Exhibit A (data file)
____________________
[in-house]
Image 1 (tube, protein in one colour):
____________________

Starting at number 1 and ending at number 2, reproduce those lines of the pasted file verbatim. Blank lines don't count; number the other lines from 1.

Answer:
[in-house]
Image 1 (tube, protein in one colour):